Further, the existence of the successful forerunner case in London should not be under estimated in contributing to political courage in the Stockholm case.
Trial and post referendum approach
The trial approach in combination with a post referendum was an important political strategy in trying to turn public opposition into support and avoid conflict48. The Mayor of Stockholm argued that it was important for citizens to experience the charging system and thereby form a grounded opinion before voting.
A referendum on the permanent implementation of congestion charges in the City of Stockholm was held in conjunction with the general elections on the 17 September 2006. Following an overall ”yes” from the citizens of Stockholm (51,3%) but an overall ”no” from the surrounding municipalities (60,2 %) the new government decided to install the congestion tax on a permanent basis.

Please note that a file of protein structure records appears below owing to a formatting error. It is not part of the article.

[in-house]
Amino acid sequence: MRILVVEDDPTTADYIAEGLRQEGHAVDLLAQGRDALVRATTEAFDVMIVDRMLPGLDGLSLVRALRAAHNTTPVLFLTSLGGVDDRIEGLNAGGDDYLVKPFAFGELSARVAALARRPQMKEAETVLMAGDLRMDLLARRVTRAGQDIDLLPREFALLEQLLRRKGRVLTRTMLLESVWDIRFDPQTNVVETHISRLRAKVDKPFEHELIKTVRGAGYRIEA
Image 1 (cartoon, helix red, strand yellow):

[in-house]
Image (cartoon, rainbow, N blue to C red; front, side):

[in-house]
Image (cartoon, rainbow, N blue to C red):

If the referendum had been held in advance, it is quite likely that the result would have been as in Edinburgh.1]
Extensive communication efforts
Parallel to the technical implementation, the Swedish Road Administration conducted extensive communication efforts. The idea was that if drivers were well-informed, the flow of traffic at the control points would not be disrupted, Customer Services would not be overwhelmed by calls and in the end a reliable collection of the congestion tax would be ensured. The SRA strategy for achieving this was to communicate intensively while at the same time keeping a low neutral profile. The Swedish Road Administration did not engage in a debate on why congestion tax was introduced but rather on how the system would work and how to pay.